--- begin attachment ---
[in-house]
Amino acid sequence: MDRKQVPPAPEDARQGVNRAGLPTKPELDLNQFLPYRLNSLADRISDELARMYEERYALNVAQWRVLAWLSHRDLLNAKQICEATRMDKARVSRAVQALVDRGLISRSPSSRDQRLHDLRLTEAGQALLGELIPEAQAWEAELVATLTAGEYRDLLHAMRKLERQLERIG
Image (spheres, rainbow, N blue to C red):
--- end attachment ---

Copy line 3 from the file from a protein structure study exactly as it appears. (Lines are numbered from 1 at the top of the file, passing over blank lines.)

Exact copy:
Image (spheres, rainbow, N blue to C red):